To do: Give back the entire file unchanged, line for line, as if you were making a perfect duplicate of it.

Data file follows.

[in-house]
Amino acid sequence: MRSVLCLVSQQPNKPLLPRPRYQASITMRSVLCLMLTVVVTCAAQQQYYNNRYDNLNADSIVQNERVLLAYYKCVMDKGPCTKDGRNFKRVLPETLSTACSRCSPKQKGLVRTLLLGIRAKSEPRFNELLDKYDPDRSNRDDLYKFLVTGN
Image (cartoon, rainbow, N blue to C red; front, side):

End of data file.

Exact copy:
[in-house]
Amino acid sequence: MRSVLCLVSQQPNKPLLPRPRYQASITMRSVLCLMLTVVVTCAAQQQYYNNRYDNLNADSIVQNERVLLAYYKCVMDKGPCTKDGRNFKRVLPETLSTACSRCSPKQKGLVRTLLLGIRAKSEPRFNELLDKYDPDRSNRDDLYKFLVTGN
Image (cartoon, rainbow, N blue to C red; front, side):